Alice Munro’s stories reflect the narratives in our own lives. What, in fiction, is more powerful than that?

Follow Janet Somerville on Twitter @janetsomerville.

The Journey Prize: Celebrating 25 Years of Canada’s New Writers, with Yann Martel

By Grace O’Connell

If short fiction ever feels comparatively overlooked beside its novel brethren, I can only hope it was in attendance last night at the Journey Prize 25th anniversary celebration, because the event was a fabulous short fiction love-in.

Eight writers who got an early leg-up from appearing in The Journey Prize Stories (including several prize winners) spoke on the theme of “beginnings.” The event itself began with a video created by McClelland & Stewart Senior Editor Anita Chong, followed by an introduction from M&S SVP and Fiction Publisher Ellen Seligman. Thanks were offered to prize patron James Michener and erstwhile M&S president Avi Bennett (who was in attendance), who partnered with Michener to found the prize a quarter century ago.Martel

Booker Prize winner Yann Martel served as host and one of the participating authors, and opened the evening by speaking about his experience winning the prize for his third published story, “The Facts Behind the Helsinki Roccamatios” (which originally appeared in BC’s The Malahat Review and was submitted to the prize by none other than the late Constance Rooke).

Speaking to this year’s jacket image of a lit match, Martel said of emerging writers, “Your flame can easily be blown out—you need people who will blow on it very gently and make it burn brighter.” And the evening’s writers are now burning very brightly indeed, with the Journey Prize as an early and important bellows.

After Martel’s intro, Miranda Hill spoke on beginnings, hers and otherwise (memorable quote: “Genesis is basically one long press release”). She then read a story called “The Idea of Kentucky” which garnered enthusiastic applause.

Steven Galloway took the stage next, and started by wryly warning the packed house, “It’s Halloween and as we speak, your houses are being egged by unhappy children.” He related a story about how his widely acclaimed novel The Cellist of Sarajevo began with a photo he saw in a magazine in a dentist’s waiting room, capturing that magical moment of an idea’s first spark.

Pasha Malla kept his opening topical, asking the audience to shout out any updates on the Rob Ford scandal, saying “Everyone wants to know” (no news broke during the event, sadly). For his take on “beginnings,” Malla projected an image of his first “published” story—a piece called “The Magic Mittens,” which his third grade teacher typeset for him due to his woeful handwriting. He spoke of looking at past writing as a way of knowing himself: “I’m writing stories partly to leave a kind of breadcrumb trail for my future self.”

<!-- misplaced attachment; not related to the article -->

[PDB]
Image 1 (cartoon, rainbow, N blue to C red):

The final speaker before the intermission was Elizabeth Hay, who spoke of where her stories and books begin. “Personal stories rooted in the past, set in places that shape character,” she said, speaking to what attracts her. Sharing a story of a cross-country bus trip, she commented on the transformational process of writing and reading. “You’re taken both into and out of yourself.”

After the audience gulped down some wine, they were treated to the final four speakers, starting with the venerable Alistair MacLeod, who served as a judge for the very first Journey Prize. He pointed out that his son, Alexander MacLeod, has also appeared in the collection, as have several of the younger MacLeod’s writing students. “Which makes me something of a grandfather of the Journey Prize,” said MacLeod. After a short speech that got ton of laughs, MacLeod finished with the sentiment of the evening: “We should be grateful for the Journey prize… long may it thrive and make a contribution to Canadian literature and beyond.”

Lisa Moore kept the laughs going, telling a story of the hectic time during which her first book was written, when a false fire call resulted in a fire chief telling her that her house had apparently been ransacked. It turned out that this was just the state of the house Moore shared with her husband, sister-in-law and their combined three children, where writing was prioritized over mundane domesticity. “I think it was a pretty good way to start,” said Moore, whose multiple Giller Prize nominations likely agree.

Alissa York told a different sort of “beginning” story, relating a funny and tender tale of meeting her husband, who gave her this great early writing advice when she first thought she might have a story to tell, late one night. “Then you better get up and write it,” he said. “It might not be there tomorrow. You’ve got to get up and write it.”

Martel returned to close the evening. He spoke of his own literary beginnings, how he first became fascinated by language itself. He admitted to an early attempt at playwriting: “It was a play about a young man in love with a door. It was supposed to be a tragedy.” Even though the play was less than perfect, there was a joy in the writing. “I slowly got better,” he said. “I just kept at it.”

After comparing writing to Crossfit (it was worth attending just to find out that Yann Martel does Crossfit), Martel got serious and closed with the following thought: “Corporations and governments and time—these things don’t care about you. A God though cares about you—and it’s the same thing with art. Because without you it cannot be. A book needs a reader… art is the last bastion of the individual.”

It was an evening full of such wisdom and enthusiasm. The Journey Prize’s fine pedigree was celebrated, but moreover the atmosphere was full of the genuine love the guest authors still hold for the prize. Alyssa York summed up the support and confidence the prize has provided, saying “It felt like I had opened a giant fortune cookie and the fortune inside read: You are a writer.”

Grace O’Connell holds an MFA in creative writing. Her work has appeared in various publications, including The Walrus, Taddle Creek, Quill & Quire and EYE Weekly. She has taught creative writing at George Brown College and now works as a freelance writer and editor in Toronto. She is the author of the national bestseller Magnified World.